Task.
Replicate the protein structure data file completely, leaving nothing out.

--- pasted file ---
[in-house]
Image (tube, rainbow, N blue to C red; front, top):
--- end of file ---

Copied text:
[in-house]
Image (tube, rainbow, N blue to C red; front, top):